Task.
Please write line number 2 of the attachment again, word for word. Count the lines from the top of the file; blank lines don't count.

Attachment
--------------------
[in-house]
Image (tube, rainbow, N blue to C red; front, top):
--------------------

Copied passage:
Image (tube, rainbow, N blue to C red; front, top):